A visit to the world of creativity - Sand Art Museum, Mysore, India | By Amit Aggarwal

In July this year, I took couple of days extra during my official visit to Bangalore and decided to have a short trip to Ooty & Coonoor with team mates there. It was just awesome.

On the way back, while visiting Chamundeshwari Temple in Mysore, we saw a notice board for Sand Art Exhibition on the Chamundi Hill road.

We were in two minds as were getting late and had to reach Bangalore soon for me to catch a flight to Delhi back home. After lot of consideration and debate, we finally decided to spend 15-20 min quickly and see what is this all about.

We finally reached, parked our car outside the gate (no official parking there) and checked out more banners, posters and big flex prints outside which convinced us even more to go inside and take a closer look. 

There was an entry fee of Rs 40/- each.

Entry Gate of Sand Museum

We were completely blown away with the creativity and perfection here. We learnt that there are as many as 150 sculptures on 16 themes in a 13,500 sq ft area.

All these were created by a young artist, M.N.Gowri, who opened her museum recently for public and became a big tourist attraction. 

All the different themes are beautifully crafted with perfection. I was amazed to see how different cultures and emotions are captured on sand with nothing but water to bound. It has sculptures of Gods, Cartoons, Religions, Cultures, Countries, History, you name it and you will find a relevant piece of art to treat your eyes and soul.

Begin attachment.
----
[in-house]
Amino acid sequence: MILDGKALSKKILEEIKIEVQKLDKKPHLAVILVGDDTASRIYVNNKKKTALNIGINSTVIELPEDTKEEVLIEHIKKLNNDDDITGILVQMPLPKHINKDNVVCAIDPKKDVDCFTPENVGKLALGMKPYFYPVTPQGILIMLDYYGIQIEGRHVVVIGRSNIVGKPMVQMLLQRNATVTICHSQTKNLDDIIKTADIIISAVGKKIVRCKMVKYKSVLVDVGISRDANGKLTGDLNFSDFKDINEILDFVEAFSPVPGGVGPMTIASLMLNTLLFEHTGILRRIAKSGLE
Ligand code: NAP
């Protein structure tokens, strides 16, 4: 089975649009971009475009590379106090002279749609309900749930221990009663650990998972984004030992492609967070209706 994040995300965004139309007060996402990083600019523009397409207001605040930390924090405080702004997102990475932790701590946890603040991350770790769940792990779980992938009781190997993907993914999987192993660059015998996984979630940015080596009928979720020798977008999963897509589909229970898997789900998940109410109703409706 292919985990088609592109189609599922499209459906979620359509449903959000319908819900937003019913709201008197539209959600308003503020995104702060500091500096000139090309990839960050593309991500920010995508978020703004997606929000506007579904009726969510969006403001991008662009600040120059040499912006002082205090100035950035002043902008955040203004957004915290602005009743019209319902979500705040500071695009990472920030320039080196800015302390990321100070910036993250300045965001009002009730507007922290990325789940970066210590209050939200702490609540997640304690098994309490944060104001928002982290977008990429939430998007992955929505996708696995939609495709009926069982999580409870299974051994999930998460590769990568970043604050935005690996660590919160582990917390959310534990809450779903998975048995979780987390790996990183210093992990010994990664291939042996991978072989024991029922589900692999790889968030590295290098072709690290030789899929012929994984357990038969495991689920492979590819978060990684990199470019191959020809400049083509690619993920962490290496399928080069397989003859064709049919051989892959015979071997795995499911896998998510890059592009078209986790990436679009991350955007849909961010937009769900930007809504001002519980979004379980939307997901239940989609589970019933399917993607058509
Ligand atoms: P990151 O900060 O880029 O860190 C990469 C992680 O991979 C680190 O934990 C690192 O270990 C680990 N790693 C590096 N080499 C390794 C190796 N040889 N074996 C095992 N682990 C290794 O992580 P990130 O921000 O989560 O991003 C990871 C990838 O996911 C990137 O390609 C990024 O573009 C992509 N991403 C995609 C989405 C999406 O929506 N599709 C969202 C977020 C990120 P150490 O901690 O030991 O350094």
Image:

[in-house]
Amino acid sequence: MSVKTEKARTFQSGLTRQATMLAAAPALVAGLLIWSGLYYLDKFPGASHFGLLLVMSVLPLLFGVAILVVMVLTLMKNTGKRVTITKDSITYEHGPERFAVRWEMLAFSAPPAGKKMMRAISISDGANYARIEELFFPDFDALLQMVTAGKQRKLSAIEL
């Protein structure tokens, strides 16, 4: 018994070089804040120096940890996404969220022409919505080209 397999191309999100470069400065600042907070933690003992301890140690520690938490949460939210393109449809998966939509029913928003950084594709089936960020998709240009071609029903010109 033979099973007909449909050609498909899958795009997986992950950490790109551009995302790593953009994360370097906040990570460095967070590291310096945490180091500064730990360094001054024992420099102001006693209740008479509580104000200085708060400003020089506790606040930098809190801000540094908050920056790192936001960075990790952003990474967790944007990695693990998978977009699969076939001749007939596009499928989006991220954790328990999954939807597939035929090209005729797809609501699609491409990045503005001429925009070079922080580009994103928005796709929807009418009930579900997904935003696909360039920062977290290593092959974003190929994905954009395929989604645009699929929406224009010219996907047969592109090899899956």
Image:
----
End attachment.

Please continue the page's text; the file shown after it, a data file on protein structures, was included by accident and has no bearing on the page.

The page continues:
We were not the only ones but there was a continuous movement of visitors who all admired this world of dreams. Check out the below creativity, specially the pages of the book which look more than a real. 

This beautiful scene below is from famous Dussehra festival of Mysore Palace.

After i came back, i did more research and read more about this unique place and came to know about more interesting facts. 115 trucks full of construction sand was used to create all these sculptures. Ms Gowri took 4 months full time to create all these beautiful pieces of art. 

I read online that insecticides are sprayed regularly to prevent insects from making crevices in the art works. This museum requires regular inspection and maintenance. Unlike other sand art creations displayed on Indian beaches which are created as a tourist attraction temporarily for visitors, this museum is of permanent nature. 

With this last piece of art, a scene from Mahabharta where Lord Krishna is giving geeta updesh to Arjuna, i let you enjoy these beautiful creations. 

Please share your experience in the comments section below in case you have been already to this place.

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